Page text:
You will need a FITS viewer for astronomical images. The images will have extensions such as .fts or .fits or .fit . Sometimes, however, images will be compressed and therefore will need to to be unzipped before use.
There are a large number of these viewers available; they range in
price from free to several hundreds of dollars. A; fairly complete
list is here.
Two particularly nice free ones are iris and DS9
You will also need a reasonably fast internet connection as FITS images can be as large as 1 MB in size.
Astronomical images are decentralized in location. They generally reside at the web site of the organization or satellite which produced the image, although there are a few central repositories. Two such repositories are
provides access to 30 sky surveys
The front page of Skyview gives quick access to 5 surveys
(the optical DSS, the x-ray ROSAT and HEAO, the infrared IRAS, and the radio 408 MHz).
Use the advanced interface page to access other surveys.
Click for information (wavelength band, resolution, etc.) about individual surveys.
Aladin entirely Java based; can run as an applet over the web or as a stand-alone on your hard drive
Both Skyview and Aladin provide reasonably friendly interfaces. Both allow you to view a FITS image interactively with a web browser, without downloading the image to a local drive. Skyview allows you to download and save FITS images to your local drive. Aladin only provides that option if you are running the stand-alone Java option. In general images provided by different satellites or observatories will not have the same image size, so the user should pay close attention to the angular size of the image, which is generally provided in the associated information.
However, there are many more sites with publicly accessible astronomical data that have recently come on-line that are not part of either of the above 2 atlases. Examples of these are Chandra X-ray Observatory and the Sloan Digital Sky Survey (SDSS). Instructions for accessing images for these sites are provided below.
Many atlases will retrieve images if given the common name of an object (if it is relatively well known, for example Cas A or the Crab Nebula), but all atlases will retrieve images based on the object's coordinates (right ascension and declination).
Here is an example of how to find images of the same object at multiple wavelengths using the supernova remnant Cas A:
1) first obtain some images from the front page of Skyview:
a) select the RASS3 (RoSat) option (this was a low-resolution x-ray
imaging satellite) and then download the FITS image to a local drive
note that this image is centered on 23 23 25.40, + 58 48 37.96 (2000) and is 3.75 degrees square
b) select the IRAS (InfraRed All Sky survey) and download the FITS
note that the image is centered on 23 23 25.40, + 58 48 37.96 (2000) and is 7.5 degrees square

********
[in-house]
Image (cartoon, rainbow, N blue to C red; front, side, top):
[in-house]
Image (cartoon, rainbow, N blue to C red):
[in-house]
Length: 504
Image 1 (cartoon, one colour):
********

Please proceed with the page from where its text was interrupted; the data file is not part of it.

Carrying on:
IRAS has observations at 12, 25, 60, and 100 microns (m) and has a resolution of 1.5 arcminutes
c) select the DSS
this image is also centered on 23 23 25.40, + 58 48 37.96 and is 0.15 degrees square
DSS has observations at and has a resolution of 1.7 arcseconds
2) Now use the advanced interface of Skyview to obtain a VLA (radio) image of Cas A:
a) type in Cas A (or its coordinates) in the "Coordinates or Souce"
b) click on VLA NVSS (1.4 GHz) [this is NRAO Very large array Sky Survey at a wavelength of 21 cm
c) click on the Submit Request Now bar
d) after the image pops up in another window you can download the FITS image by clicking on the FITS bar
the resolution of the NVSS is 45 arcseconds
3) next, let's load a Chandra x-ray image; this procedure will be more complicated
a) first you'll need to retrieve an ObsId (Observation Identification)
number for your object; again, we will use Cas A as an example:
to do this, go to the Chandra Data Archive Retrieval Interface and then select Sort by RA & Dec
(this may take awhile)
b) then locate an ObsId that matches the RA and Dec of your object; in this case, many ObsId numbers fall close to the RA and Dec given above (23 23 25.40, + 58 48 37.96) ; note that they also happen to be labeled Cas A
c) click on the ObsId link (in the left column) and new screen comes up with the ObsId centered in Select ObsId box; under Select Data Product Category, check the first box, "fully processed science products (level=2) " and then click the "Browse Archive and Retrieve Data Products"
d) another screen opens which lists the relevant files and allows you to select the files you want retrieved; the file you want will end with evt2.fits; highlight the name of the file you want in the white box and then click on "RETRIEVE from Archive"
e) a new screen opens, which gives you two options (ftp and a more direct "click to download") to obtain the zipped FITS file (generally a .tar file)
f) after the .tar file is downloaded, it must be unzipped (with WINZIP, for example) before being readable by a FITS viewer
g) what's the scale of this image? in general, the Chandra
ACIS instrument produces images that have a scale of 0.5" (arcseconds)/pixel
(you can verify this by scanning across the image and noticing both the change in pixels and the change in declination);
4) Now let's look for Sloan Digital Sky Survey images (in the visible part of the spectrum):
a) access the SDSS server
b) click on Search under Skyserver Tools in the left box
c) click on Radial under Search in the list in the left-hand column
d) insert the coordinates in the ra and dec boxes; note the required format below the Submit button
e) click on the Submit button
For the Cas A coordiantes given above (ra = 350.86, dec = 58.81, both in degrees) no images will be found. SDSS has yet to release any images for this region of the sky.
5) Solar images (along with velocity- and magneto-grams) are available here. You may find it helpful to read the Readme file first.
Questions? Suggestions? email me